Helga, indeed! It has to be said she looked exactly like one – no mean feat!
This forthright, no-nonsense lady introduced herself to me at the official opening of my Photography Show ‘Comunicando con el paisaje’ in Havana’s university gallery, propelling herself into my view, unescorted, in a somewhat gyrating manner, like a wobbling turning top – perhaps the after-effect of polio in early life.
Well, she certainly made up for it by strength of personality – a lady in the mould of Margaret Thatcher. Quick and to-the-point, she had made the ‘right’ noises about my exhibition at the official opening, and, after using up a whole page in the gallery’s visitor’s book, without further ado, proceeded to invite me for lunch at her ambassadorial residence. It had all happened so quickly and purposefully – she had obviously gone round the exhibition first, unnoticed, that I had had a struggle on my hands to detain her for long enough to bring my wonderful friends, Juan and Mercedes, into the frame.
And today was the day. It got off to a bad start. Juan and Mercedes turned up earlier than expected – very unusual; time-keeping is an inspired guessing game here. This saved me from having my vestigial Cuban breakfast of sliced dry bread and bottled water. They told me that their friend Viria was due to turn up as well later on: Viria had kindly put at my disposal what they call an apartment in downtown Havana, and, not to put too fine a point on it, we call a hell hole, complete with gigantic cockroaches and 24-hour cacophony of radio, TV and public living at top volume from all around. But that’s another story.
Cockroaches notwithstanding, there is a certain ‘dance ritual’ about how to preserve a sense of dignity in the most dire of circumstances. By now I knew that anyone’s bag or case, however fancy, baron’s or beggar’s, was bound to hold a roll of toilet paper. Everybody knows how things work – or don’t, but nothing is said, so the pretence, and a sense of integrity is kept intact.
My lovely friend Juan, for instance, highly celebrated painter, purest ideological Communist, erstwhile parliamentary candidate and much respected former university professor of art, came with a large envelope under his arm, containing three original paintings of his for me to choose one from. This was in response to my offer of money for an interesting Che Guevara art poster he had made years earlier and given me the previous day – with the generous flourish of a pauper, affirming: ‘no te preocupa, es tuyo’. I had no idea what to offer for it, so accepted the poster with grace, and asked him only later if he would accept US $50, which is all I could possibly afford, without risking the last vestiges of my Cuban breakfast. This prompted his explanation that the poster was a present and that he would accept my offer of money in exchange for one of the three paintings he brought with him.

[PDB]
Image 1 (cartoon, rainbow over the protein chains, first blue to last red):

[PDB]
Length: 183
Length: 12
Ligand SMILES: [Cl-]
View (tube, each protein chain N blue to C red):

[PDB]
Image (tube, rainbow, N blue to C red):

That little exchange out of the way, Viria turned up, purest soul of humanity, as Mercedes held, or Latin temptation incarnate, as I felt. In a Cuban context, Viria is an oddly fair-haired, watery blue-eyed, white-skinned, tallish elegant lady topped off with a fine, elegant jaw-line and fiery, rapid Latin temperament. She was one of the few people I could not even get the drift of anything she had said, never mind my degree in Spanish – it was so rapid, lacking so many consonants, and sounding so decisive - leaving no room for questions. After an hour’s period of lively exchange, several million words, Juan and Viria suddenly got up determinedly, explaining they needed to go off to some mutual friend of theirs who had a telephone that worked and was not shared, to make an international telephone call about Juan’s planned trip to the UK in a few months’ time - at the very time when we were overdue to leave for the Austrian Embassy. I was put out, but too slow off the mark to prevent this, to me, certain calamity. Juan had allowed an hour to get to the Austrian Embassy – Havana is laid out on an extremely extensive grid of generous proportions. To make his point, he and Mercedes had arrived even earlier than necessary. Now, when Juan and Viria decided to go off to make a phone call somewhere else, a dicey business in itself, we were already half an hour into the final countdown. Knowing the hap-hazards of timekeeping here, I had already explained, and Juan had acknowledged, that the Austrian Ambassador was not likely to be more beholden to Cuban customs than to her diary, and not to be kept waiting, on any account.
Amongst ordinary Cubans, time is an infinite commodity, and no fuss is made or qualms experienced about anyone being two hours late for an appointment. If this is too late, new arrangements are made for another day, to follow the same pattern until successful.
Mercedes, with her intuitive antennas, instinctively felt my discomfort and tried to distract me by wanting to see my photo slideshow on the computer – once again! I was having none of it, and declined politely.